her. The monkey was called Grabugeon, and the little
dog Tintin.

The Captain of the Guard begged Miranda to come
down into the garden where the King was enjoying the
fresh air, and when they got there, he pretended to search
for him, but as he was not to be found, he said:

"No doubt his Majesty has strolled into the forest,"
and he opened the little door that led to it and they went
through.

By this time the daylight had begun to appear, and
the Princess, looking at her conductor, saw that he had
tears in his eyes and seemed too sad to speak.

"What is the matter?" she said in the kindest way.
"You seem very sorrowful."

"Alas! Princess," he answered, "who would not be
sorrowful who was ordered to do such a terrible thing as
I am? The King has commanded me to kill you here,
and carry your heart and your tongue to him, and if I
disobey I shall lose my life."

The poor Princess was terrified, she grew very pale and
began to cry softly.

Looking up at the Captain of the Guard with her
beautiful eyes, she said gently:

Will you really have the heart to kill me? I have
never done you any harm, and have always spoken well
of you to the King. If I had deserved my father's anger
I would suffer without a murmur, but, alas! he is unjust
to complain of me, when I have always treated him with
love and respect."

"Fear nothing, Princess," said the Captain of the
Guard. "I would far rather die myself than hurt you;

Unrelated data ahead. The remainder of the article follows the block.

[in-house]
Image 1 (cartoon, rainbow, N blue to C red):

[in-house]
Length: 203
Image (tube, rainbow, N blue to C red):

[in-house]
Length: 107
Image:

but even if I am killed you will not be safe: we must find
some way of making the King believe that you are dead."

"What can we do?" said Miranda; "unless you take
him my heart and my tongue he will never believe you."

The Princess and the Captain of the Guard were talking
so earnestly that they did not think of Patypata,
but she had overheard all they said, and now came and
threw herself at Miranda's feet.

"Madam," she said, "I offer you my life; let me be
killed, I shall be only too happy to die for such a kind
mistress."

"Why, Patypata," cried the Princess, kissing her,
"that would never do; your life is as precious to me as
my own, especially after such a proof of your affection
as you have just given me."

"You are right, Princess," said Grabugeon, coming
forward, "to love such a faithful slave as Patypata; she
is of more use to you than I am, I offer you my tongue
and my heart most willingly, especially as I wish to
make a great name for myself in Goblin Land."

"No, no, my little Grabugeon," replied Miranda, "I